In fact, Jones, who ends around 50 percent of his answers with a confident “mhmm,” doesn’t need people to tiptoe around the fact that this is probably the first many have ever heard of him. He seems to embrace his own relative namelessness, almost endearingly so, a trait most notably on display when he was asked about if rebounding in the NBA has been harder than it was in the G League, where the guard who has admitted he’s “6’5 with shoes on” often put up cartoonish numbers on the boards.

”Nah, because they don’t know I can rebound out here like that yet. So they really weren’t boxing me out either,” Jones said, his perpetual grin never leaving his face. “They don’t know about me. They don’t know I can rebound like that until they look me up.”

Do they need to go check out your New Mexico State film?

“Yeah, they gotta go check me out,” Jones laughed.

The thing is, though, Jones doesn’t blame his competition for not knowing who he is yet. Even he didn’t expect to get called up this year, to the point that he was totally unbothered by his South Bay teammates Andre Ingram and Scott Machado receiving opportunities before him.

“I respect them. You know they the OGs of our team, so I really didn’t mind that,” Jones said. “My time was gonna come. I ain’t expect to get called up this year. I said ‘give me two years in the G League and I’ll probably get called up next year some time.’

“I don’t know,” Jones said when pressed on why he didn’t expect a call-up. “I just wasn’t looking for it for my rookie year. I was gonna wait until my second year, get comfortable.”

Jones didn’t say so, but going unspoken is that players like him aren’t normally the types that get call-ups. Teams are getting smarter about this — like the Lakers, with the David Nwaba call-up two years ago — but most often it’s a G League team’s leading scorer that gets a call-up, or shooters who do the flashy things.

However, a lot of times guys like that aren’t ready to score on the NBA level, or aren’t better than their teammates at it, and wilt without the ball in their hands, not offering enough value with complementary skills.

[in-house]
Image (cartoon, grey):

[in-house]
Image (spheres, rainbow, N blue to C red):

Jones doesn’t have that problem, and he knows the only thing probably standing between him and a consistent NBA opportunity is his lack of a reliable jumper (shooting just 33.3 percent on threes in the G League). That’s what he’s most focused on improving this summer.

“I want to get my jumper right for sure. Because I can do everything else. Defend and all that. I want to get a consistent jumper and open it up for my teammates. Mhmm,” Jones said, before the defensive stopper fittingly turned the tables on his opponent, in this case a reporter.

“What you think (I need to improve on)? I’m just asking, you asked me that, so you gotta think something,” Jones said, a playful grin never leaving his face. “I only made four threes in college.”

He actually made nine, but Jones can be forgiven for the error. He probably just figured that like his opponents, most of us haven’t looked up his time at New Mexico State yet. If he keeps playing like this, no one is going to need to, either. There will be plenty of room for J. Jones on the scouting report.

For more Lakers talk, subscribe to the Silver Screen and Roll podcast feed on iTunes, Spotify, Stitcher or Google Podcasts. You can follow Harrison on Twitter at @hmfaigen.